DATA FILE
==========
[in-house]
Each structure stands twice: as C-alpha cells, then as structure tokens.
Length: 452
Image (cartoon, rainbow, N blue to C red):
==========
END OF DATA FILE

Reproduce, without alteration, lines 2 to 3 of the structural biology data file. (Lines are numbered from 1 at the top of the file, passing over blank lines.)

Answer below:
Each structure stands twice: as C-alpha cells, then as structure tokens.
Length: 452